Copyright ©2007 NPR. For personal, noncommercial use only. See Terms of Use. For other uses, prior permission required.

ROBERT SIEGEL, Host:

Today is Pi Day.

(SOUNDBITE OF CLATTERING NOISE)

SIEGEL: Not that kind of pie. Pi - the Greek letter P - which represents the ratio of the circumference of a circle to its diameter. Evidently, it's the fact that the Greek words for circumference - which gave us the words periphery and perimeter, start with pi - that accounts for its usage.

Well, today is Pi Day.

(SOUNDBITE OF CLATTERING NOISE)

SIEGEL: Still not that kind of pie. It's Pi Day because it is March 14th - 3-14. And pi equals 3.14, and it goes on, 159 - it just keeps on going because pi is, of course, the world's most famous irrational number, and it is an undying source of interest to many highly rational people.

For example, Mark Umile of Upper Darby, Pennsylvania, who is the North American record holder for memorizing the digits of pi. Welcome to the program, Mark Umile.

M: Thank you.

SIEGEL: And first of all, how far did you get with your memorization?

M: With memorization, I was attempting on reaching 13,000, when I was achieving the record, but made the error at the 12,888th place. So right in the back of that, I have 12,887 digits memorized.

SIEGEL: And do you remember which digit you got wrong?

M: That's the record. Yes. Yes, I do. In fact, it was a four.

SIEGEL: What led you to do this, to memorize pi?

M: I have always been fascinated in the human memory. And for anybody who wants to know how good their memory is, pi is the ultimate test to finding that out. And that it was also a mystical experience, in the fact that the digits of pi have no rhyme or reason. They have no patterns whatsoever. But they are consistent - been written in stone in their places where they belong. It's just knowing what number comes next.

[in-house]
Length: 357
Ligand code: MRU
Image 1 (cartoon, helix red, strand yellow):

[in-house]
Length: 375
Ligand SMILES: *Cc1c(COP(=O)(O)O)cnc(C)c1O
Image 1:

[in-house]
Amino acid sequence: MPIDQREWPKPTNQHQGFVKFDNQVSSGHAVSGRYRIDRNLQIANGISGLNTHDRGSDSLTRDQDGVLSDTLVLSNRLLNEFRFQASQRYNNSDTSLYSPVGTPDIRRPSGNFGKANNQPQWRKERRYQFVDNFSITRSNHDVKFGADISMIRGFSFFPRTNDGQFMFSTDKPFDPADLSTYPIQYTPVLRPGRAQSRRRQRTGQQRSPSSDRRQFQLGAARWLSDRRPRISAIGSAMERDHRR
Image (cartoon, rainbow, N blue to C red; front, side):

SIEGEL: Well, perhaps you'll inspire someone listening to attempt this as well. What was your method? How did you go about memorizing all those digits of pi?

M: Well, I used to work in an opera house in the Philadelphia area. I had always been interested in classical music and looking at notes, musical notes on a manuscript, on a page. And each one of them, as you know, with music comes in beats and rhythms. And I figured why not apply that to the digits? So, I undertook to separate the digits in clusters of two, clusters of four and up to clusters of six.

SIEGEL: I would tape-record my voice onto an audio cassette recorder, and putting emphasis on certain numbers, changing the tone of my voice, sort of in a singsong, dancelike type of rhythm and constantly listening again, and again and again.

SIEGEL: There are some children in some traditions who are raised to be able to memorize and recite the entire Koran or the entire Torah. Were you - did you have any similar, any training like that of intensive memorization as a little kid?

M: No, no, I did not. I was, as far as literature is concerned, I was always involved in acting, in theater. That's memorizing lines in a script. So, I guess, possibly that could count.

SIEGEL: Well, Mark Umile, thank you very much for talking with us about your achievement as North American record holder.

M: Oh, thank you very much. Yup.

SIEGEL: And we don't have enough time for even a hundred digits of pi, but I was wondering if, before you left, you could at least give us a couple of dozen.

M: 3.141592653589793238462643383279502884197...

SIEGEL: Actually, this about six dozen digits. And to hear Mark Umile do 41 dozen digits of pi - it'll take about 100 seconds - you can go to our Web site, npr.org.

M: ...7982148086513282306647093844609550582231725...

SIEGEL: And happy Pi Day from ALL THINGS CONSIDERED at NPR News.

Copyright © 2007 NPR. All rights reserved. No quotes from the materials contained herein may be used in any media without attribution to NPR. This transcript is provided for personal, noncommercial use only, pursuant to our Terms of Use. Any other use requires NPR's prior permission. Visit our permissions page for further information.

NPR transcripts are created on a rush deadline by a contractor for NPR, and accuracy and availability may vary. This text may not be in its final form and may be updated or revised in the future. Please be aware that the authoritative record of NPR's programming is the audio.

Comments

 

Please keep your community civil. All comments must follow the NPR.org Community rules and terms of use, and will be moderated prior to posting. NPR reserves the right to use the comments we receive, in whole or in part, and to use the commenter's name and location, in any medium. See also the Terms of Use, Privacy Policy and Community FAQ.

Support comes from: